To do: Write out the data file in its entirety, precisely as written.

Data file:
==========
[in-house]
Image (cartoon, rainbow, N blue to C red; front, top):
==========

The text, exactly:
[in-house]
Image (cartoon, rainbow, N blue to C red; front, top):